News BCN Report: AMD Makes up 68.6% of Direct CPU Sales in Japan, Gaining in Pre-builts

Japan is a little different, thanks to the anti-trust win by AMD over Intel in Japan, AMD has traditionally held a lot larger market share in japan then in other countries. That advantage went away somewhat as the terms of the anti-trust ruling were met (and AMD remained uncompetitive in the CPU market), but AMD has held a fairly strong market position in japan it just doesn't have anywhere else.

I'm starting to see some AMD laptop/desktops breaking into the market on the prebuilt, however it seems Dell (unlike HP) is hellbent to avoid offering AMD options, which is bad news for AMD as the vast majority of the business desktop and server markets are dominated by Dell. (Dell does offer some AMD options but they're only in the low end cheep offering, nothing on their high end quality systems)
 

bigdragon

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I'm hoping this means we'll start seeing AMD products show up in premium laptops. Intel retains a stranglehold on the premium laptop segment despite their worse value and overheating issues. The AMD laptops I've been evaluating at work all seem to be junk with substandard parts. AMD also needs to cram some more cores into their mobile parts.

Give me a 6c/12t AMD cpu, graphics that can be used for gaming and 3d sculpting, and a Wacom AES panel and I'll upgrade from my Intel 2-in-1. I haven't found a reason to move away from a Yoga 720 yet -- a 2-in-1 that actually has cooling, graphics, 4c/8t, and Wacom!
 

jimmysmitty

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Japan is a little different, thanks to the anti-trust win by AMD over Intel in Japan, AMD has traditionally held a lot larger market share in japan then in other countries. That advantage went away somewhat as the terms of the anti-trust ruling were met (and AMD remained uncompetitive in the CPU market), but AMD has held a fairly strong market position in japan it just doesn't have anywhere else.

I'm starting to see some AMD laptop/desktops breaking into the market on the prebuilt, however it seems Dell (unlike HP) is hellbent to avoid offering AMD options, which is bad news for AMD as the vast majority of the business desktop and server markets are dominated by Dell. (Dell does offer some AMD options but they're only in the low end cheep offering, nothing on their high end quality systems)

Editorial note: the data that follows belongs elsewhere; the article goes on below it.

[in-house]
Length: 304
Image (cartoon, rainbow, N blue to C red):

https://www.dell.com/en-us/shop/scc/sc/laptops?~ck=mn&appliedRefinements=10352

https://www.dell.com/en-us/work/shop/scc/sc/laptops?~ck=mn&appliedRefinements=10352

Hell bent you say? Because I see quite a few consumer and business laptops available with Ryzen mobile CPUs.

I'm hoping this means we'll start seeing AMD products show up in premium laptops. Intel retains a stranglehold on the premium laptop segment despite their worse value and overheating issues. The AMD laptops I've been evaluating at work all seem to be junk with substandard parts. AMD also needs to cram some more cores into their mobile parts.

Give me a 6c/12t AMD cpu, graphics that can be used for gaming and 3d sculpting, and a Wacom AES panel and I'll upgrade from my Intel 2-in-1. I haven't found a reason to move away from a Yoga 720 yet -- a 2-in-1 that actually has cooling, graphics, 4c/8t, and Wacom!
I think AMD needs to offer more options. Right now their best option is the 3750U which is a 4/8 part while the Intel i5 9400H is its equivalent. Intels i7 line is 6/12 in mobile and AMD does not have anything with that to compete right now. Intels i9 and Xeon have no direct competition at all so they dominate the top end and workstation markets.

Sure you could say the Radeon GPU but the majority of people buying a laptop are not gaming so even the lowest Intel iGPU works. Those who are gaming tend to buy with a discrete GPU so thats a null point.
 

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